Put the US back in government information
Not all the money the United States allocates to improve American national security needs to go to the Department of Defense. A small portion should go to Radio Free Europe, Radio Liberty, the Voice of America, and the many other ICA (former USIA) programs. Words and ideas can be as important for defending US positions and advancing US purposes as guns and submarines and aircraft.
President Carter approved a transmitter-building program for VOA and RFE/RL during the first weeks of his administration but failed to follow through with expansion of all the other components that are needed for more effective broadcasting. Meanwhile the Russians went on building new transmitters and expanding language services.
Traveling in the Middle East and the Horn of Africa in recent weeks, I had to twist the dial continually to hear VOA, which has to transmitters closer than Greece to penetrate the whole area between Ethiopia and Afghanistan. Soviet broadcasts, on numerous frequencies, come booming in to this part of the world.
In the second year of the Carter administration, educational and cultural exchange programs which had been in the Department of State were merged into USIA (US Information Agency) and its name was changed to the International Communication Agency. This "new" organization remained structured much as its predecessor had been, but the name change betokened a shift to a passive approach to its work. The agency's output was reoriented to apologize for America's actions.
There was a strong bias against anti-Communist programming. USIA's most distinguished publication, "Problems of Communism," had a hard time surviving during ICA's first year. Soft, third-world oriented cultural dialogue took priority.
Level budgets at a time of rapidly rising costs meant that all operations actually declined. Schemes for computerized management replaced the judgment of seasoned, professional information officers with significant experience abroad. Flexibility to respond to events as they occurred was lost. The proud motto that had served USIA for 25 years, "Telling America's Story to the World," was erased from over the entrance at 1776 Pennsylvania Avenue.
The overseas information arm of the US government should not hide behind the designation "international." Both the name and the spirit of the old USIA should be restored. Nothing would boost morale more than a budget that would permit initiative and creativity. There is no lack of priority tasks, both within ICA's area of direct responsibility and in related fields:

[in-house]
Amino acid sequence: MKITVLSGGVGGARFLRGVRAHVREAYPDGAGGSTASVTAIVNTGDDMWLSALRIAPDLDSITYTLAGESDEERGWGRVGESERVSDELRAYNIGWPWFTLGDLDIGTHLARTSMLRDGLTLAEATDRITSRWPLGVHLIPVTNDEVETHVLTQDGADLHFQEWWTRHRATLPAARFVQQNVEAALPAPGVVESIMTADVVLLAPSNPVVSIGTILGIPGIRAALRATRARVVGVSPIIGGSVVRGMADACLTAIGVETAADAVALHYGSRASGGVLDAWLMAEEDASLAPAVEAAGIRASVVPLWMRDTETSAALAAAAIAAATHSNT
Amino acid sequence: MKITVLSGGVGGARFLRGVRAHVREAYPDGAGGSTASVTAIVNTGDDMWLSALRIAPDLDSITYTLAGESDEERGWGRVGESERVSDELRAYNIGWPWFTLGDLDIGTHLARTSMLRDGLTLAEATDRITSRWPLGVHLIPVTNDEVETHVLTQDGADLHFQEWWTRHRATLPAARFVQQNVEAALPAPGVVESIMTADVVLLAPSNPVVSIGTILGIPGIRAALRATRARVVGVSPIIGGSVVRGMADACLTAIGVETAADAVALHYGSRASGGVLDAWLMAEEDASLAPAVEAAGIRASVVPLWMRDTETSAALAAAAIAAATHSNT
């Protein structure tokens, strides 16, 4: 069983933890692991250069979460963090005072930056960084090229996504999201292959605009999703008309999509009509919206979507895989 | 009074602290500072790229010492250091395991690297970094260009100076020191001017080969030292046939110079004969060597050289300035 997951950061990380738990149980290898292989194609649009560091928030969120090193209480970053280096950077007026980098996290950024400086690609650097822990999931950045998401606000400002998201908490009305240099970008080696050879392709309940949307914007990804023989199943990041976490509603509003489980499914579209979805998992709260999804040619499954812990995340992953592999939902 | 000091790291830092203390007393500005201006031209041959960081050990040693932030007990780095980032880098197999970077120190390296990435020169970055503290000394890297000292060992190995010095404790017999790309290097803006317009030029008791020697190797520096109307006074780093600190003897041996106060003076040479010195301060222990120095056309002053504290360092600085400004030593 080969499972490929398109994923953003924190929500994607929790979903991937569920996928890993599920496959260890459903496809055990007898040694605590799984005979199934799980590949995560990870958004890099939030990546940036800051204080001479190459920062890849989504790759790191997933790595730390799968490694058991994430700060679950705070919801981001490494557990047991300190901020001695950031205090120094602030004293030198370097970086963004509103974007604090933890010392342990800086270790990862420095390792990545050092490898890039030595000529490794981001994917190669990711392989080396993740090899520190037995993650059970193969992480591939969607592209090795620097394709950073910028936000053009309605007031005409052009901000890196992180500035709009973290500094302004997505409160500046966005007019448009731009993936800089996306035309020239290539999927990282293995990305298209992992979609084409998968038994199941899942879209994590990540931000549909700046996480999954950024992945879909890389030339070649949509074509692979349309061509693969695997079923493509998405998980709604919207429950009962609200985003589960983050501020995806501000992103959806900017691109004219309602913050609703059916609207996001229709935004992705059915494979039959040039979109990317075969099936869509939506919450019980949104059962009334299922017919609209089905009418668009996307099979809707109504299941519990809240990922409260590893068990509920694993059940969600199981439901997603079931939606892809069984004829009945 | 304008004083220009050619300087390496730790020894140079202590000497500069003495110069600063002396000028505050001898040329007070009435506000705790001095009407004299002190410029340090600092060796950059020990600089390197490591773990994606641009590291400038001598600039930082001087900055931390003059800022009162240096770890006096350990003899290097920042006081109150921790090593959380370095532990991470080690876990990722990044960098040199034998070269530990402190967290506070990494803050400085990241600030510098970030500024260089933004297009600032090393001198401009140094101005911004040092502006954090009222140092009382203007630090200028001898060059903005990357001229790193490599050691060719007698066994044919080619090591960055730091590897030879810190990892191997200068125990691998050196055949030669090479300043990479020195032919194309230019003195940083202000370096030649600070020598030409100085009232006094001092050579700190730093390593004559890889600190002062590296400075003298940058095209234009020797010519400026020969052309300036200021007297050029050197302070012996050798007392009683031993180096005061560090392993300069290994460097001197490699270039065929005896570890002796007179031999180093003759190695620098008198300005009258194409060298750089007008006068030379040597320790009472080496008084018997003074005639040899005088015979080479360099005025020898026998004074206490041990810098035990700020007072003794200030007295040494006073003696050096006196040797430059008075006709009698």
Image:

* The new transmitters President Carter approved in 1977 are now coming into operation but they are too few and none of them is aimed at the Middle East. A new transmitter- building program is overdue. Meanwhile US weakness should be compensated by leasing transmitter time wherever facilities can be found.
* VOA should inaugurate new services for priority areas, such as Pushtu and Amharic, the national languages of Afghanistan and Ethiopia. VOA broadcasts in Soviet Muslim languages should be expanded.
* Radio Liberty, which has never reached the level of impact of Radio Free Eruope, but whose target area -- the whole Soviet Union -- is more important than any other, should be given the resources to expand to the fullest possible effectiveness. RL needs more manpower, more transmitters, better research and more broadcast time, especially to vital areas such as the Ukraine, the Caucasus , and Central Asia.
* The oversight structure of RFE/RL should be simplified by eliminating the wasteful and meddlesome Board for International Broadcasting, as the Reagan transition team recommended.
* All ICA's nonbroadcasting operations should be strengthened too: films and magazines, libraries, book distribution, overseas lectures and US travel grants for foreign leaders, journalists, politicians and professors. These cost a pittance compared to arms or economic aid and bring returns for years. Posts abroad should get back into the business of serious political and economic dialogue with local opinion leaders.
* "Problems of Communism" should be translated into major world languages and greatly increased in circulation. It is the best bargain the US government has in the field of ideological competition.
* Last but not least, serious planning for a Radio Free Cuba should get under way posthaste. It is astonishing that after 22 years of Castro, the US still has not set up for Cuba the kind of hardhitting, objective, round-the-clock broadcasting operation that Radio Free Europe has provided for Poland and the other countries of Eastern Europe since 1950. It is still not too late to do so. Broadcasts to Cuba could be supplemented by English and Spanish services for the entire Caribbean and Central American region. The US looks inept when it does nothing to counter the Soviet broadcasts which are now relaying out of Havana to Latin America as well as to the US and Canada.